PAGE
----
“We walk into the gym, and Larry, Ed and Fred are sitting at the judges’ table — and their kids are out there on the floor trying out! We were told the process was going to be fair, but how can that possibly be fair?” said Sally, the mom of a kid trying out for the third grade travel basketball team.
As one whose kid was not trying out for the travel team (Tyler wrestles in the winter and so just wanted to do rec basketball), I had an interesting vantage point on these developments, knowing many of the parties involved from other sports in which Tyler participates.
Sally, and some of the other parents who were not coaching or evaluating the players, were annoyed that those with skin in the game were deciding who would play in the games. Never having been through something like this before, I was pretty amazed that those in charge would have set themselves up for such obvious concerns by developing such a questionable process.
Why, I wondered, would they not bring in some outside basketball experts with no vested interests in the players to do the evaluation? Why would they want their kids (if they did make the team) to do so under a cloud of suspicion that they only were able to with a little help from their parents?
I even went so far as to speak with a guy I know at my gym who teaches basketball to kids. His response: no, it doesn’t make sense to do things the way my town was doing them, but that’s the way most towns do it. Why? Because it’s easier than bringing in outside experts and spending a few bucks.
If I were asked to handle such a process, I would surely have gone the more expensive route, knowing that it would have given everyone — those who made it, those who didn’t, their parents, and me — much greater comfort in the outcome. Because, you see, it is process that gives comfort in outcome, not personnel. No matter how fair someone claims to be, or even actually is, if they have apparent or real conflicts of interest, their decision lacks legitimacy.
So when I was speaking with folks about this issue, and those who didn’t think the existing process was all that bad said something like: “Well, Larry’s kid is the best basketball player in town, so it really doesn’t matter that he’s evaluating his own kid. There’s no question he’d make it,” it doesn’t mean a thing — you cannot rectify bad process with good personnel.
I would have raised the funds for the outside experts by charging an application fee to tryouts. I would have had my experts create the criteria for selection and done the scoring in two sessions on separate days (so as to avoid the “my kid was sick for the only tryout” issue).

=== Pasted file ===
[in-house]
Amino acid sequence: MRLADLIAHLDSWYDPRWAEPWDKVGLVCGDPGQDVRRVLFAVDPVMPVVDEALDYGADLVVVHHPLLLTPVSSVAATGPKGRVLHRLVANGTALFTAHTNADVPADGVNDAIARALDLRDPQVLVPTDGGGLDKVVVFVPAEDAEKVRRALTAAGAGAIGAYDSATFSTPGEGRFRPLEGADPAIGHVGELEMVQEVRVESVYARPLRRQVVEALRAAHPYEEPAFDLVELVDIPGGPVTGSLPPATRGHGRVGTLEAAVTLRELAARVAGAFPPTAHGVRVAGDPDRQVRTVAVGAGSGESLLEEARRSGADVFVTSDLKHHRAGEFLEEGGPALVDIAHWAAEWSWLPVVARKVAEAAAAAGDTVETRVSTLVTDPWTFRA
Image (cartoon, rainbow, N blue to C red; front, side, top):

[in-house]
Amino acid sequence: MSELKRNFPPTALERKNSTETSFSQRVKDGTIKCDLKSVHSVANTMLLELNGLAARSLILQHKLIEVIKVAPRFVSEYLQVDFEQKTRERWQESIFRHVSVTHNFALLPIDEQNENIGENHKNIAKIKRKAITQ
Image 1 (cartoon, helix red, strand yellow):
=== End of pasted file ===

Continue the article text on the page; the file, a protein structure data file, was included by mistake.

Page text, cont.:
Oh, and the other thing — about two weeks after the final tryout, a few of the parents were asking around to see if anyone had heard anything about who made it and who didn’t.
“They didn’t tell you when they were going to notify people?” I asked.
“Are they going to notify everyone or just those who made it?” I asked.
We don’t know.
“Are they going to post the list somewhere for everyone to see?”
Again, bad process. Everyone should have left the tryouts knowing the next step; knowing when and how they would have been informed about the fate of their eager athletes.
Now, this is a small example of how a selection process needs to be fair on its face (without inserting personalities as a defense) for the outcome to be accepted by all. And though a small example, it relates very well to a process you deal with every day — IT governance. For each project on the departmental wish list is like a child, and each sponsor its parent. You, as CIO, don’t want to be the judge because you’re going to wind up with lots of angry parents and crying kids, all blaming you for ruining their chances at the NBA. You had better have a nice, clean and clear governance process in which all projects get a fair hearing by those with no vested interested in the outcome other than the overall health of your health system.
This process is so important we highlighted it a while back in a webinar featuring our good buddy Chuck Podesta, CIO at UC Irvine Health.
Chuck is a super smart guy with a big heart, but not so big he gets it caught in the crosshairs of someone who had the project of their dreams turned down. Chuck relies on a bullet proof process (as we all should) to ensure that while not everyone may go away happy, they at least don’t go away slighted and aggrieved.
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